Martyn Lloyd-Jones on the Puritans
No preacher more influenced my early Christian life (which began at 22 years old) than Martyn Lloyd-Jones (1899-1981). I have grown ever more thankful for his books over the past eight years. But I have yet to read Iain Murray’s biography. Last Tuesday during the bookstore tour, Sinclair Ferguson slapped a magic sticker on the cover of the biography and, like lightning, was discounted 65-percent. It was time to buy.
A thorough reading of D. Martyn Lloyd-Jones: The First Forty Years (1899-1939) will have to wait until I’m done with Spurgeon’s autobiography, but last night I did sneak a read of the first 100 pages. I was especially drawn towards Lloyd-Jones’ early comments on the Puritans. Lloyd-Jones is quoted by Murray as saying,
“The Puritan is not the strong man. He is a very weak man who has been given strength to realize that he is weak. I would say of all men and women that we are all weak, very weak, the difference being that the sinners do not appreciate the fact that they are weak, whereas the Christians do. … I have mentioned Baxter, Bunyan and Fox, but if you wish to have the best description of all of what Puritanism means, read the epistles of St. Paul. During the air raids many of us, indeed most of us, objected to the restrictions that were imposed upon us by the army commanders. We objected to dark blinds and shaded lights. We objected because we did not realize the danger, we did not realize that we were at the mercy of those powers that were in the air or might be there at any moment. But the army commanders knew and carried out the preparations on our behalf. Sin is ignorance, and we object to the restrictions and the vigor of the Puritan regime, but let me remind you that the Puritans are, and were, the commanders-in-chief of God’s garrison upon earth. … Is it surprising that, to the Puritan, life is a serious matter, demanding the whole of his time and attention? If you have once seen the face of God, there is nothing else worth seeing as far as you are concerned. All these other things merely obscure the vision, therefore they must be swept away … If anything interferes with the worshipping of God it must be destroyed. … It is because of these feelings that the Puritan is always a crusader. To him Christianity is a fight, a noble crusade, not merely a defensive action against the principalities and powers, but also a challenge to and an assault upon their fortress. … Oh! how far have we wandered from this! ‘Plain living and high thinking’ are no more! The church is no longer distinct from the world, for instead of the church going out into the world we have allowed the world to capture the church from the inside. We nearly all recognize the position. When will we return to Puritanism? Let us be up and clear the brushwood and the thorns that have overgrown the face of our spiritual world!” (1:99-100).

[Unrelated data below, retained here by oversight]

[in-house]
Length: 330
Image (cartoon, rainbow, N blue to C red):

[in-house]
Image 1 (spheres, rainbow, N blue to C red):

This quote is pregnant of content for further meditation. Here are a few thoughts that come to my own mind.
(1) Modern day Puritanism. Lloyd-Jones was convinced that Puritanism was as relevant in his day as the seventeenth century. We should not only read Puritans, he challenges, but we should be Puritans. Lloyd-Jones — and for that matter C.H. Spurgeon — were tutored by the piety, spirituality and preaching of the Puritans. They patterned their spiritual lives after the Puritans sobriety and earnestness. What does modern day Puritanism look like?
(2) The Puritan weakness. The idea today is that Puritan literature is reserved for the really strong Christian but this is not the case. The Puritan is a weak man. Approaching the Puritan literature is to be done out of a deep sense of personal frailty and weakness. Until we are well acquainted with the indwelling sin that remains in our hearts, the pride, the self-righteousness, the tendency towards unbelief and worldliness and laziness, Puritan literature will not be appealing. Entrance into the Puritan spirituality is through a low doorway and readers must bend and bow down in humility to enter. The Puritan’s are not for the strong, they are for those who ‘appreciate’ their own weakness. The Puritan is a weak man and the Puritan works were written for weak men.
(3) The Puritan warfare. Puritanism embodies the spiritual struggle of Paul. Working out salvation, killing the remaining sinfulness, being diligent and spiritually alert and sober are the sure marks of the Puritan. Puritanism is dressing for spiritual battle. The illustration of the bombing raids speaks the uncomfortable restraints of the Christian in this life. Puritan literature will not appeal to readers seeking to preserve these comforts.
There are other principles here in this quote by Lloyd-Jones, but this short excerpt answers the question: Who would read the Puritans today? Puritan literature will never appeal to a reader until he has seen the wickedness of his own heart and his post-conversion, continued gullibility to sinfulness. Likewise, the Puritan literature will seem insignificant until we approach dressed in our battle uniforms, prepared for lifelong (and uncomfortable) disciplined spiritual warfare. It was in this humble self-knowledge and this declaration of war against what beclouds the beauty of God to the spiritual eye that prepared Lloyd-Jones for Puritan literature.